So despite the astronomically high interest rates, the increasingly frequent financial engineering transactions, and our numerous expats overseas remitting funds, a net $13 billion walked out of the country in the last eight years. Yet, we keep being bombarded about the huge amount of deposits we have, namely around $175 billion, and how they’re increasing ... proudly repeated by the "ex-perts" and the “current-perts” so I decided to go back to 2006 and look the numbers up. It turns out we had just under $60 billion back then.

I will ignore the Lira portion of the deposits, because our central bank can print as much of it as it likes. However, for every dollar withdrawn in cash or transferred overseas, we have to either use our stash of real dollars or ask President Trump to send it over, and chances are that he ain’t gonna do that.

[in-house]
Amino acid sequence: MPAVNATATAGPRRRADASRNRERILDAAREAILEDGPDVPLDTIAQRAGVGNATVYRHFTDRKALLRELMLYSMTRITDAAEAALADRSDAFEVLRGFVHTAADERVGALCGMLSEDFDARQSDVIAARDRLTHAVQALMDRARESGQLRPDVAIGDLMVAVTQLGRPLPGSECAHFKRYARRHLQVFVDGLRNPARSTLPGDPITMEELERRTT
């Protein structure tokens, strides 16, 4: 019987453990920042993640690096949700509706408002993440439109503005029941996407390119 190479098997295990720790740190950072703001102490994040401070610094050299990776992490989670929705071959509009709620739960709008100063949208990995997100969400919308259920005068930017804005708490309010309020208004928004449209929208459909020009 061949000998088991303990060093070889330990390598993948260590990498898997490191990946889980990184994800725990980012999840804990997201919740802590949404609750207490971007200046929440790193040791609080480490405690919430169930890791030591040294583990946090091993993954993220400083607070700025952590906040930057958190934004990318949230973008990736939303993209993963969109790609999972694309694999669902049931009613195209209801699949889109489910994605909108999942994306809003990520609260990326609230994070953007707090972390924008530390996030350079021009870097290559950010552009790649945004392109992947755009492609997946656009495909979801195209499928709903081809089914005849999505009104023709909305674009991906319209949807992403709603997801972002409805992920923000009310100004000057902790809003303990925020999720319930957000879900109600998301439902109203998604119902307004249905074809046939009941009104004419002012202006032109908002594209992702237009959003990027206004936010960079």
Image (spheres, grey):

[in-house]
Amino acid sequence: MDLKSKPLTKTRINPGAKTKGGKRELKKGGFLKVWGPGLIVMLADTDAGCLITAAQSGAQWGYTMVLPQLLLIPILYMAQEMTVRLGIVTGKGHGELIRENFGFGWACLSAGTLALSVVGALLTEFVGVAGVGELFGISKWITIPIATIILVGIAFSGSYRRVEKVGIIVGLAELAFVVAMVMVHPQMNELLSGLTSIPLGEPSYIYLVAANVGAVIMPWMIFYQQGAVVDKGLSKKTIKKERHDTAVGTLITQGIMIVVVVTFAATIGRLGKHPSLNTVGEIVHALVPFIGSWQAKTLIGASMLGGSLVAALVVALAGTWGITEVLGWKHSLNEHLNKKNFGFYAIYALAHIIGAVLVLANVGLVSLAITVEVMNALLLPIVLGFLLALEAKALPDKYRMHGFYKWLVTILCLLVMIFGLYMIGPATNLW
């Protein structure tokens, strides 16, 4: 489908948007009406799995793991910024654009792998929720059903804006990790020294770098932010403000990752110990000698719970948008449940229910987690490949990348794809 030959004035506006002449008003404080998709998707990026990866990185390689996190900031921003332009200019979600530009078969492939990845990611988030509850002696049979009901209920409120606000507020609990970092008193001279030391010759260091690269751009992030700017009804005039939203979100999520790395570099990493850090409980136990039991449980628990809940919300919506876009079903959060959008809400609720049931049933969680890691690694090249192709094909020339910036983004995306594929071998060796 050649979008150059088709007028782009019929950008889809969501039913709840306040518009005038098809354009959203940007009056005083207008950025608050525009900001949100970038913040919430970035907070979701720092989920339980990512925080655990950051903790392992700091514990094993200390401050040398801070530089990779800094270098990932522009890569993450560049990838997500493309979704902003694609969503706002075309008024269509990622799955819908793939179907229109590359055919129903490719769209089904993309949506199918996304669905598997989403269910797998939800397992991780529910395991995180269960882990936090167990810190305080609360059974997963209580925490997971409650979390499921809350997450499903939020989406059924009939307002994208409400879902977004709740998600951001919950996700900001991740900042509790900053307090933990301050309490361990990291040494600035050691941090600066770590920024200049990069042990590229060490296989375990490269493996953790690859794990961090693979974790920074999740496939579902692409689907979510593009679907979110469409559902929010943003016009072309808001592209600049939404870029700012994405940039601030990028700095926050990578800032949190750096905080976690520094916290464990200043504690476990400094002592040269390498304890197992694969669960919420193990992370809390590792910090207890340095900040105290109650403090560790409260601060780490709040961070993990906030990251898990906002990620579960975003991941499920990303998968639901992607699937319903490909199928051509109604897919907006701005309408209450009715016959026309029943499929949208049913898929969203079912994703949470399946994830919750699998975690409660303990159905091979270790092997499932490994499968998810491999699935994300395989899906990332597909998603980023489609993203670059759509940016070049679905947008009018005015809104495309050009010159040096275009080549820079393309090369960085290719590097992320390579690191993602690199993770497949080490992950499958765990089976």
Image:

In 2006, almost 75% of our deposits were in US dollars, i.e. $45 billion. Today, out of the $175 billion, around two-thirds are US dollars, or around $120 billion. Although I don’t hold a PhD in Nuclear Physics, the Math is straightforward. If the net balance of payments from 2006 until today was an increase of $6 billion, that means real dollars are now at best $50 billion, if that.

So the question is how did we end up with $120 billion today? Well, a large part of it is explained by the interest paid on these deposit accounts. Let’s assume an average annual interest rate on dollar deposits of 5% from 2006 until now. Over a time period of twelve years, that means that the $45 billion would have grown to at most $81 billion (even assuming no spending of any interest, which is highly unlikely). Adding the $6 billion in excess balance of payments, makes it $87 billion.

But wait a minute. There’s still some $30 billion in deposit growth that’s unaccounted for. Where did it come from? This can only be explained by two things: cash deposits (wink, wink) or the multiplier effect.